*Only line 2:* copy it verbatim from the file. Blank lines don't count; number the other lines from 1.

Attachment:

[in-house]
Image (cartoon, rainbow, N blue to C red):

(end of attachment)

Image (cartoon, rainbow, N blue to C red):